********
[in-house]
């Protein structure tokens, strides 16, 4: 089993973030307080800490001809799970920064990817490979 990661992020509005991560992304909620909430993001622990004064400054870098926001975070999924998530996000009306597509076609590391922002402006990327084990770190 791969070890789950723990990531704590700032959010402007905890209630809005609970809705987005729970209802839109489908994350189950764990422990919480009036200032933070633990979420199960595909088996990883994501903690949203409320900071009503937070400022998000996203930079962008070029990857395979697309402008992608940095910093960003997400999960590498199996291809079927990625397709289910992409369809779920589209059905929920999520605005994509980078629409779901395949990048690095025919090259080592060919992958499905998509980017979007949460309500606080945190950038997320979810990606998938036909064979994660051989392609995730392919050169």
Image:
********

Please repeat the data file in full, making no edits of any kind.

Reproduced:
[in-house]
């Protein structure tokens, strides 16, 4: 089993973030307080800490001809799970920064990817490979 990661992020509005991560992304909620909430993001622990004064400054870098926001975070999924998530996000009306597509076609590391922002402006990327084990770190 791969070890789950723990990531704590700032959010402007905890209630809005609970809705987005729970209802839109489908994350189950764990422990919480009036200032933070633990979420199960595909088996990883994501903690949203409320900071009503937070400022998000996203930079962008070029990857395979697309402008992608940095910093960003997400999960590498199996291809079927990625397709289910992409369809779920589209059905929920999520605005994509980078629409779901395949990048690095025919090259080592060919992958499905998509980017979007949460309500606080945190950038997320979810990606998938036909064979994660051989392609995730392919050169």
Image: